How do you get a Belgian Blue Card for Permanent Residency? In September of 2012, Belgium finally introduced their version of the European Blue Card. As with every country in the EU, the Belgian implementation of the Blue Card is unique, and many Websites appear to be reporting incorrect information. I’ve gone to the French language Belgian government website for Service public fédéral Emploi, Travail, et Concertation social, or their “Employment, Labour, and Social Services” website.
the Belgian government’s detailed explanation of their Blue Card laws.
The basic qualifications for the Blue Card are relatively standard. You must have:
- a higher education degree is lasting and takes at least three years to obtain.
- An indefinite employment contract.
- a salary of €49,995 per year (adjusted annually)
- a valid travel document (presumably a passport, but this is unclear)
- health insurance other than what your employer provides
You must also not be considered a threat to the public or national security.
Interestingly, there are several ways to be denied the Blue Card. First, the Belgian government imposes a labour test: you can’t take the job if they feel qualified Belgians are available (similar to the Austrian Blue Card). Second, the employer must not have been previously penalised for hiring illegal workers. Third, and most interestingly, if your position is considered in a sector in short supply in your home country, you can be denied.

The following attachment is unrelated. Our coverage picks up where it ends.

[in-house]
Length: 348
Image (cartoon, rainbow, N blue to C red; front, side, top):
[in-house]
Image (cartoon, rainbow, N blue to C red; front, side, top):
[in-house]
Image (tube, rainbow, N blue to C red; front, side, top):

Africas Brain Drain
The last provision is fascinating. African countries were extremely upset with the European Blue Card because they were worried about the “brain drain” of their highly skilled workers fleeing to Europe, which is not entirely unreasonable. From the fairpolitics.nl Web site (emphasis mine):
For developing countries, the most important negative effect of voluntary migration to developed countries (e.g. in Europe) is the brain drain caused by the loss of highly skilled workers. Currently, more than 25% of highly skilled workers from African countries such as Mozambique, Ghana, Kenya and Uganda live in developed countries. Figures for the Caribbean and Pacific are as high as 70%. This brain drain has severe repercussions on the labour market in the migrants countries of origin, where it impacts negatively on vital sectors such as education and health, and reduces those countries capacity to achieve the Millennium Development Goals (MDGs) one of the priorities of the EUs development policy.
Belgium has cut through a dilemma that many countries have been facing: how to appease locals who are worried about immigration because this provision primarily impacts many African and Asian immigrants. It keeps developing nations happy because Belgium can say, “we’re listening to your concerns”, but still import skilled workers. Belgium has a very effective throttle if Blue Card immigration becomes politically problematic.